The seltzer deliveryman remained a New York fixture until the rise of the suburban supermarket—and improved canning and plastic bottling—drove him out of business after World War II. In 1977, Perrier–a French company that began bottling the waters of a spring in southern France in 1898–launched a $5 million advertising campaign, including a TV spot narrated by Orson Welles, who delivered lines like "its natural sparkle is more delicate than any made by man, and therefore more quenching and refreshing" in dulcet tones. The campaign kicked off a new mania for carbonated water: by 1980, Perrier sales had grown by 3,000 percent. (The company subsequently began using the slogan "Earth’s first soft drink.") Brands touted the health benefits of mineral-infused water and the absence of sugar, artificial sweeteners, and caffeine.

Throughout the 1980s and '90s, European mineral waters were a yuppie status item, but as consumption of bottled water has grown, carbonated waters have proliferated. (Soda water—also called "club soda," which was originally a brand name coined by an Irish company—is artificially carbonated water with sodium salts added.) At the same time, honest to goodness old-fashioned seltzer, became harder to find. Today, the Gomberg Seltzer Works is the last seltzer factory in New York. For years, the company, founded by Mo Gomberg in 1953, has filled bottles for the last few seltzer men in the five boroughs. "We always knew that seltzer men were getting out of this business, and the business was fizzing out," says Alex Gomberg, Mo’s great-great grandson. "These seltzer men are in their late 50s, 60s, 70s, even early 80s. They're not passing these torches onto their kids in recent years."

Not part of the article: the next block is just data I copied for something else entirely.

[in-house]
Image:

But the seltzer your grandparents had dropped off at their back door has staged a comeback, with die-hard enthusiasts claiming that siphon bottles, which hold their pressure, produce the best bubbles. Gomberg Seltzer is carbonated at 60 pounds of pressure, while commercial seltzers might be carbonated at 5 pounds. In 2012, Alex Gomberg had just finished a master’s degree in higher education administration, but decided to return to the family business. He launched Brooklyn Seltzer Boys and began delivering seltzer—not only to homes, as seltzer men always have, but, for the first time, to restaurants and bars, taking advantage of the craft cocktail craze. Says Gomberg, "How do you make a better craft cocktail using seltzer? You use a real seltzer bottle."

In addition to Brooklyn Seltzer Boys, seltzer companies in Pittsburgh, PA, the San Francisco Bay Area, and Palm Beach, FL still deliver. But those of us unable to get the good stuff still have a lot of options, including the SodaStream counter-top carbonator, a product relatively new in the U.S. but well established in Europe. Dozens of brands compete for space on store shelves. There’s something for everyone. 

Fizzy waters may go in and out of fashion, but they never really change, exotic flavors and touted health benefits notwithstanding. It’s a universal truth: water's wet—and effervescent. And maybe that's what makes it so great. Americans drink less and less cola each year, and trendy products like Vitaminwater have washed out. Yet no matter what changes, seltzer's appeal never falls flat.